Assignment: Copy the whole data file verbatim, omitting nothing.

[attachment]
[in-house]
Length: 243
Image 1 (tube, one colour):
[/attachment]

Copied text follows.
[in-house]
Length: 243
Image 1 (tube, one colour):